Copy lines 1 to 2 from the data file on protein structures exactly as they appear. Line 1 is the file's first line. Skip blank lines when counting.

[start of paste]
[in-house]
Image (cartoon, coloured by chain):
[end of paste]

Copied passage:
[in-house]
Image (cartoon, coloured by chain):